Who doesn’t love a nice, relaxing day at the beach? But have ever wondered where does the sand color come from? And why are there so many different sand colors? If you want to learn what gives sand its color, and where to find beautifully colored beaches, keep on reading.
A few years ago I went on a holiday to the island of Bermuda in the Atlantic Ocean. There, I spent some time at this really beautiful pink sand beach in the Horseshoe Bay. That pink sand, plus the most amazing turquoise water I’ve ever seen, inspired a location in my first novel—a pink sand beach on an alien planet.
Seeing that pink sand beach in Bermuda got me curious as to why was the sand pink. And when researching the sand color, I found a large variety of colored sand beaches around the world. These vary from white sand beaches all the way to black sand beaches.
So let’s explore them together and learn what gives sand its color. We’ll go from light colored sand to dark-colored sand, and in the end, I have two bonuses on multicolored sand beaches.
What is sand?
Sand is a granular material composed of very small particles whose dimensions can range anywhere between 0.0625 mm and 2 mm. Its composition varies depending on the location and the composition of the rock sources, but its most common component is quartz. Quartz is a silica mineral, it is silicon dioxide (SiO2).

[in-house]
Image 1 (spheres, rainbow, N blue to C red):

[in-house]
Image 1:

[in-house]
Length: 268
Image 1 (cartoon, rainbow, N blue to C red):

Sand is produced through a weathering process of rocks and minerals. Some of these natural weathering processes include rain, wind, and ocean currents, as well as freezing-thawing cycles. Since the weathering processes do not affect quartz, this mineral remains in its small granular form and it is then transported to the shore, forming the sand we see at the beach. And the reason for the usual overall yellowish color of the sand is the presence of impurities in the quartz crystal or the mixing of quartz particles with other particles. However, not all beaches are made up of sand rich in quartz. We will see what other main components are present in sand as we go through the different sand colors.
So let’s start exploring the colored beaches around the world, going from light-colored sands to the dark-colored sands.
White sand beaches
As I mentioned earlier, sand is made up of quartz. But usually, quartz also contains impurities or is mixed with other particles, giving the sand the yellowish color. However, when the quartz grains are pure and not mixed with other particles, we get a white-colored sand. And that’s the case of the Hyams Beach in New South Wales, in Australia. Its finely ground pure quartz crystals is what makes the sand of this beach so white that it got into the Guiness Book of Records as the whitest sand beach.
Other white sand beaches include the Matira Beach in bora Bora, French Polynesia, Boulders Beach in Cape Town, South Africa, and Tulum Beach in Mexico.
Pink sand beaches
The pink color of the sand comes from tiny organisms called foraminifera. They are single-cell organisms which build shells around themselves from the minerals they find in the water. Usually, these shells are made of calcium carbonate, with the shell color ranging from pink to red. When the foraminifera organisms die, the remains of their shells are washed to shore. By mixing these pink-to-red foraminifera shell remains with the quartz particle we get the beautiful pink sand that we can admire in the Horseshoe Bay Beach in Bermuda, or the Pink Sand Beach on Harbour Island in Bahamas, Elafonissi on the island of Crete in Greece, Tangsi Beach on Lombok Island in Indonesia, and many other places around the world.